Nov. 22, 2011: Possible Whistleblower Retaliation, Unsafe Operations at Hanford Nuclear Waste Plant

Senior scientists, safety officials demoted, reprimanded after raising serious safety concerns to agency and contractors
WASHINGTON, D.C. – Congressman Edward J. Markey (D-Mass.) today sent a letter to Department of Energy (DOE) Secretary Steven Chu inquiring about serious safety concerns at the Hanford Nuclear Site’s Waste Treatment Plant (WTP), the nation’s most expensive environmental remediation effort. Several senior scientists and safety officials have repeatedly raised concerns about the potential for catastrophic failures of the technologies to be used for the handling of high-level nuclear waste at the Hanford site, as well as about the potential for hydrogen explosions and radioactive releases in the event of a serious accident. For their efforts, staff were demoted, reprimanded or ignored.
Despite an extensive investigation by the Defense Nuclear Facilities Safety Board (DNFSB) into the matter that found that the “safety culture at WTP is in need of prompt, major improvement” and that staff who raise safety concerns “will be dealt with harshly”, DOE continues to assert the inaccuracy of the technical concerns raised by staff and disagrees with the findings of the DNFSB’s investigation. Yesterday, DOE announced that due to unresolved technical issues and new risks, the project might not meet its court-mandated deadline, that the budget could increase $900 million to the already $12.2 billion cost for the project, and that the Department’s rating for the project would be downgraded from its current “yellow” to “red”, meaning that they believe that the project is highly likely to miss additional deadlines or cost milestones.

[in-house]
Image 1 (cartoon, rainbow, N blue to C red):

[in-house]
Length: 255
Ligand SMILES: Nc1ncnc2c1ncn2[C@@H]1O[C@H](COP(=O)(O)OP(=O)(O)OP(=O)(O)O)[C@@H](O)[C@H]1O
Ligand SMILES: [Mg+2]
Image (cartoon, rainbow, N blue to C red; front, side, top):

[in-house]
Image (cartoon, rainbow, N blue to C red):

“DOE seems to be more interested in paying contractor fees than in paying attention to safety concerns or to those who are disciplined for raising them,” said Rep. Markey, a senior member of the House Energy and Commerce, which has jurisdiction over DOE management. “The Hanford nuclear site already has a history of leaking radioactive waste into the water. Its environmental legacy must not be further tarnished by catastrophic safety failures causing radioactive releases and a record of shooting the nuclear safety messengers.”
The letter can be HERE. Rep. Markey has asked DOE to respond to a series of question that include:

  • How does DOE plan to address the safety questions raised by the whistleblowers and other experts?
  • How does DOE plans to address the specific cases where those reporting safety concerns were retaliated against as well as the broader safety culture problems that exist at the facility?
  • What are the new costs and timelines associated with the project?

The response from the Department of Energy to Rep. Markey's letter can be found HERE